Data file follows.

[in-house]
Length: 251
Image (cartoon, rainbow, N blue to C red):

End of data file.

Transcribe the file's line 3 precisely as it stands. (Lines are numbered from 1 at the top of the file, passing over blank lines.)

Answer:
Image (cartoon, rainbow, N blue to C red):